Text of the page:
Participants underscored that Malian transitional authorities face growing pressure to deliver on the commitments made in both the transition roadmap and in the peace agreement. They also highlighted that, with just ten months remaining, the transition roadmap comprises many institutional reforms yet to be undertaken, in addition to the organization of multiple elections by early 2022. Delays or impeded progress would further set back the restoration of civilian governance in Mali, which has already been negatively affected by the slow pace of decentralization and investments in local state capacity to provide basic services. 

Security Situation and Impact on Civilians

Mali’s vacillating political dynamics are amplified by urgent protection threats across the country. Local self-defense groups and armed groups that the Security Council has designated as terrorists continue to perpetrate attacks in northern and central Mali, particularly in the Mopti region and, more recently, the Ségou and Douentza regions.7UN Security Council, Report of the Secretary-General on the Situation in Mali, UN Doc. S/2021/299, March 26, 2021, paras. 22–25. Intercommunal clashes now account for more violence in central Mali than fighting between extremist groups and security forces. 8International Crisis Group, “Drug Trafficking, Violence and Politics in Northern Mali,” December 13, 2018. This has led to a surge of internal displacement, which increased by 67 percent between the end of 2019 and the end of 2020, with nearly 350,000 internally displaced people as of January.9UN High Commissioner for Refugees, Data Portal on Mali, accessed June 7, 2021, available at: Participants also highlighted the rise of transnational criminal organizations throughout much of Mali’s southern region, which has increased violence in Mali and neighboring countries.

Persistent security threats in central Mali reflect, in part, the government’s limited progress on establishing state institutions and providing basic services, including those that protect human rights and promote justice and accountability. Participants further argued that the country lacks a national vision for security sector reform and a comprehensive strategy for addressing internal and external threats. These challenges are compounded by what some described as an overly militarized approach by national and international actors to confront armed groups affiliated with terrorist organizations, often leading to excessive and indiscriminate use of force against communities.10International Crisis Group, “A Course Correction for the Sahel Stabilisation Strategy,” February 1, 2021.

Widespread impunity for crimes committed against civilians remained a prominent concern for participants. One participant pointed to the abrupt termination of the national trial against Amadou Sanogo (one of the leaders of the 2012 coup d’état) in March 2021 as detrimental to this fight against impunity given the case’s national prominence. Violence against civilians has also come under renewed scrutiny following the recent release of investigative reports by MINUSMA and the UN’s International Commission of Inquiry for Mali that found evidence of violations of international humanitarian and human rights law by Malian security forces, international operations, and extremist armed groups.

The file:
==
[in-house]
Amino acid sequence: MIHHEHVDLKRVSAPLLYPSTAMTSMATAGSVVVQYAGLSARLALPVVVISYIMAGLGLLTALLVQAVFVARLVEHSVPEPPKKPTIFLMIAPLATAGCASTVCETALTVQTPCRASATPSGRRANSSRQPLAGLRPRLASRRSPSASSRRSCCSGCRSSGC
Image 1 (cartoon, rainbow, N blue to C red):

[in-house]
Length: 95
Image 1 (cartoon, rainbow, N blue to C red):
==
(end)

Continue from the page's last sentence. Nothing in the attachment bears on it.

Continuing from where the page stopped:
Over the past year, MINUSMA has furthered its efforts to implement the second of its mandated strategic priorities: support to the stabilization of central Mali. The mission’s Force Adaptation Plan, developed in December 2019, set a path for MINUSMA to better address this priority within its existing resources.11UN Security Council, Report of the Secretary-General on the Situation in Mali, UN Doc. S/2019/983, December 30, 2019, paras. 60–66. To enable the mission to have a more mobile posture and to respond more quickly to early-warning alerts, participants underscored that it needs more military air assets, better information and communications technology (ICT) infrastructure, and troop contingents with greater capabilities to take on dangerous operations. While MINUSMA has relied on civilian contractors for certain air assets over the past year, some participants emphasized that this approach is unsustainable.

Regional Dynamics

Political and security dynamics in Mali are inextricably linked to those in the broader region. The security situation in the Sahel continues to deteriorate, with extremist groups operating across central Mali and along the borders with Burkina Faso and Niger; insecurity is also spilling southward into countries bordering the Gulf of Guinea.12People’s Coalition for the Sahel, “The Sahel: What Needs to Change,”April 2021, p. 8. National, regional, and international counter-insurgency forces are struggling to contain the expansion of extremist groups in the region.Developments in Chad, particularly after the military takeover following the death of former President Idriss Déby in April 2021, may have ripple effects in Mali and the region over the coming months if Chadian authorities reconsider their troop contributions to both MINUSMA and the G5 Sahel Joint Force.